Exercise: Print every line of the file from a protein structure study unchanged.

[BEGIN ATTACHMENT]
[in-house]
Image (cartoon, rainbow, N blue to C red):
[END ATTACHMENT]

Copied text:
[in-house]
Image (cartoon, rainbow, N blue to C red):